where Wc is the critical snow amount, fixed at 100 kg m−2; αs denotes the snow albedo, which varies from 0.5 (melting snow) to 0.7 (deep snow); and α′ represents the bare land albedo, which depends on land type. Details of the model and an evaluation of its performance can be found in Numaguti [1999].

2.2. Experimental Design

[8] The model has a horizontal resolution of T106 (triangular truncation at wave number 106); the corresponding grid interval is approximately 1°, and the number of grid levels is 20 in the vertical direction. An ensemble experiment is performed with 10 independent integrations from April 21–30 to the end of August with the prescribed climatological sea surface temperature (SST). The initial atmospheric conditions for 21–30 April 1993 were obtained from the National Centers for Environmental Prediction (NCEP) and National Center for Atmospheric Research (NCAR) reanalyses [Kalnay et al., 1996]. The initial soil moisture content is computed in a control run on May 1 in a given year. The snow cover in the control run (Figure 3a) reasonably reproduces the climatology (Figure 1) observed by SSM/I over northern Eurasia in May (i.e., high snow in western and far-eastern Siberia and low snow in eastern Siberia), although snow disappearance is slightlyearly. Similarly, the atmospheric circulation in the control run adequately reproduces the observed climatology (not shown).

Figure 3.

Distribution of snow mass (mm) on May 1 under initial atmospheric conditions. (a) Control run. (b) Heavy snow run, i.e., the snow mass is thrice that in Figure 3a. (c) Light snow run, i.e., the snow mass is one third of that in Figure 3a.

[9] We performed a 10-member heavy snow run (i.e., a late snowmelt run) and a 10-member light snow run (an early snowmelt run). The relatively large initial snow anomalies between light and heavy snow runs are given, as it is then easy to detect the model responses to snowmelt. For the heavy snow run (Figure 3b), we prescribed an initial snow mass (water equivalent) that is thrice that in the control run (Figure 3a) on May 1 (same year as the initial soil moisture) and north of 60°N in the snow-covered region of the Eurasian continent. Similarly, an initial snow mass that is one third that in the control run is prescribed for the light snow run (Figure 3c). The initial snow mass is given for all 10 ensemble members on May 1.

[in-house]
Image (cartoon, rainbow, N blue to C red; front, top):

[10] In eastern Siberia, snowmelt begins 30 days before the day of snow disappearance and accelerates during the last 10 days prior to disappearance [Iijima et al., 2007]. Thus, snow depth shows marked changes during the melting period in early and late snowmelt years. Indeed, the variation in snow depth in northern Eurasia is larger than the variations in central Eurasia, and the ratio of snow depth in late snowmelt years to that in early snowmelt years is approximately 9 in late April [Shinoda et al., 2001, Figure 8]. Therefore, the initial snow anomalies are similar to the usual range of natural variations.